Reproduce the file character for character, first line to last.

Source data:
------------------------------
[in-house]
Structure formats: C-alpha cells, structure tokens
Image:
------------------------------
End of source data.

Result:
[in-house]
Structure formats: C-alpha cells, structure tokens
Image: